728 10 NOVEMBER 2017 • VOL 358 ISSUE 6364 sciencemag.org SCIENCE
Biologists name about 18,000 new spe- cies each year. However, only about 20% of the species on Earth are named, and many are disappearing before they are identified. Naming new species is critical to increasing
our understanding of complex ecosystems—
especially given declining biodiversity.
Without a name, even sentinel, endangered,
and threatened species will go unnoticed.
Unbeknownst to many, thousands of new
species each year are identified from existing specimens in museum collections.
At a time when funding for natural history collections is under siege, Christopher
Kemp’s The Lost Species, which champions
the irreplaceable value of these collections in
the identification of new species, is a refreshing endorsement of both biodiversity and
curatorial taxonomic expertise. Kemp shares
stories of specialists who use their expertise
to recognize new species among the numerous uncataloged and misidentified specimens
in natural history museums across the world,
from the raccoon-like olinguito discovered in
the Chicago Field Museum’s mammal collections to the Ohbayashinema aspeira, a new
species of parasitic nematode discovered in
the National Museum of Natural History in
Washington, D.C. (Because many museum
collections were assembled by natural his-
A trove of biodiversity, at risk
BOOKS et al.
By Bonnie Styles
The author is executive director of the Association of
Science Museum Directors, Springfield, IL 62704, USA.
torians and explorers, sometimes centuries
ago, errors based on outdated or incomplete
information are prevalent.)
Despite the expansion of DNA barcoding
and major efforts to digitize collections, recent reductions in curators with
taxonomic expertise from museums around the world pose
problems for the naming of new
species. “[I]n 2001 the Field Museum had thirty-nine curators. Today there are twenty-one,” writes
Kemp. Likewise, “[t]he National
Museum of Natural History ...
has seen a loss of curators from
a high of 122 in 1993 to a current
low of 81.” The Natural Science
Collections Alliance called attention to this problem decades ago, but it is
reassuring to see it raised in a book written
for a broader audience.
The story of Sven Kullander, an ichthyologist at the Swedish Museum of Natural
History in Stockholm, lends support for the
long-term curation of collections. In 2015,
Kullander named a new fish species—the pike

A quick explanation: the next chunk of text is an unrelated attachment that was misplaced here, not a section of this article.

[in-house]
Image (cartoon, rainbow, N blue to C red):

cichlid—from a specimen collected by Swedish biologist Douglas Melin and colleagues in
the 1920s. The cichlid had been described by
Alfred Russel Wallace in the Amazon basin
160 years earlier, but Wallace’s specimen was
lost when the ship he was traveling aboard
caught fire and sank in 1852. “The distinctive
color pattern of female Crenicichla monicae
is very evident on Wallace’s drawing and enabled us to identify it as the spotted species in
Melin’s collection,” Kullander recalls.
Kemp’s interview with the coleopterist
Max Barclay reveals how much work is re-
quired to demonstrate that an animal rep-
resents a new species. Barclay oversees the
10 million beetle specimens in London’s
Natural History Museum’s collection, which
includes more than 200,000 type specimens
and about 60% of known beetle species.
Given that a beetle might belong to any of
180 possible families, and one family may in-
clude between 20,000 and 30,000
possibilities, the museum’s beetle
collection has proven essential
to identifying potential new spe-
cies. “Identification is a process of
elimination,” Barclay tells Kemp.
“[I]f you make the identification
correctly—you’ve knocked out
almost an order of magnitude.…
Eventually you get it down to a
Barclay has described and
named about 20 new beetle spe-
cies and notes that about 1000 novel species
are identified in the collection every year. He
observes that when a specimen becomes part
of a collection, it begins its life as a represen-
tative. The late conservationist George Rabb
might have referred to them as ambassadors.
Kemp ably demonstrates the vital role that
natural history collections and curators with
taxonomic expertise play in the documentation of new species and ultimately in the
preservation of biodiversity. These collections
require maintenance to ensure the preservation of specimens and documentation for the
next generation of taxonomists, who will discover more new species. It is my hope that
The Lost Species will engender broader public
interest and support for these efforts. j
With funding for museum collections in peril, new species
await discovery and names that may never come
The Lost Species
University of Chicago
Press, 2017. 272 pp.
This tray of parrots, identified as black-capped lory,
is one of many collections available for taxonomic
review at Berlin’s Natural History Museum.